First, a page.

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China will resume imports of Canadian beef and pork, PM Trudeau announces

Wednesday, November 6th 2019 - 09:10 UTC
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China had blocked beef and pork shipments from Canada in June, alleging contamination and bogus documents China had blocked beef and pork shipments from Canada in June, alleging contamination and bogus documents

China has agreed to resume imports of Canadian beef and pork, Prime Minister Justin Trudeau announced on Tuesday, signaling a breakthrough in their tense relations.

“Good news for Canadian farmers today: Canadian pork and beef exports to China will resume,” Trudeau said in a tweet.

He lauded Canada's new ambassador to China, Dominic Barton, who was appointed in September, and the country's meat industry for working to reopen “this important market for our meat producers and their families.”

China had blocked beef and pork shipments from Canada in June, alleging contamination and bogus documents - claims disputed by Ottawa - amid an escalating diplomatic row.

It was not clear what exactly convinced Beijing to change tack. But meat producers said the Canadian Food Inspection Agency would start issuing export certificates immediately for shipments destined for China.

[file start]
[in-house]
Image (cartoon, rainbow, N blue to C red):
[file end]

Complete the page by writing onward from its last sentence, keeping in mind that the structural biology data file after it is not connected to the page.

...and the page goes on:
Trade and agriculture ministers Jim Carr and Marie-Claude Bibeau said in a statement that Canada's foreign ministry and food inspection agency “engaged with China” on the beef and pork ban over the past few months.

“We will continue to work closely with beef and pork producers and processors in the coming days and weeks to ensure successful resumption of trade,” the pair said in a joint statement.

Prior to the ban, China was Canada's third-largest market for beef and its fifth-largest for pork, according to government data.

In June, China had asked Canada to investigate what it said were false veterinary health certificates attached to a batch of pork, while the official Xinhua news agency said customs officials in the eastern city of Nanjing had found ractopamine in pork shipments.

The feed additive, which boosts the growth of animals, is widely used in the United States but banned in the European Union and China.

Canadian cattlemen at the time were said to have been puzzled why they were included in the ban.

“Our long-standing trade relationship with China is very important to both sides and this represents an important step for both countries,” commented Canadian Meat Council president Chris White.

He noted that the decision comes on the eve of an industry-led mission to China to work through any lingering customs and shipping issues.

 

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